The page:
Easter's radical implications

Easter is the climax of the Church calendar in which Christians celebrate the resurrection of Jesus from the grave. Amid the traditional trappings of Easter egg hunts and potted lilies, it is easy for the faithful to forget the radical implications of this affirmation. To believe that on "the third day he rose from the dead" demands that the followers of Jesus trust that the power of his resurrection can transform our economic relations.

One must remember the political context of his death. He was executed by the Roman Empire as a public demonstration of torture because he claimed to be an alternative 'Lord' to the Caesar. They had reason to be afraid because of his message and his methods. He preached about economic equality and the redistribution of wealth. And he put his preaching into practice when he staged an act of civil disobedience in the Temple attacking the money changers. This set in motion the plot to kill him.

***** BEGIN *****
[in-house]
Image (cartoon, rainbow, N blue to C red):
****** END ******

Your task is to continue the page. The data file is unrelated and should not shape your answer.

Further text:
His resurrection is a triumph over the political and economic forces which crucified him. To be sure, there is more to the Easter message than just economic liberation, but it can never be truncated to spiritual renewal or eternal life. The resurrection is the power of God to overcome all the forces of death and to give hope for every dimension of our lives.

This Easter, Christians celebrate the victory of Christ over the forces of injustice and oppression. The power to confront evil and to sustain one's commitment to the struggle for workers' rights comes from the Spirit of the Risen Carpenter. The hymn 'The Strive Is O'er, the Battle Done' says, 'The powers of death have done their worst, but Christ their legions hath dispersed; let shouts of holy joy outburst: Alleluia!' When we work for justice in the workplace we are shouting holy joy for the Messiah who has dispersed the powers of oppression.

The Rev. Darren Cushman Wood is the Senior Minister of Speedway United Methodist Church and President of IWJ's Board of Directors.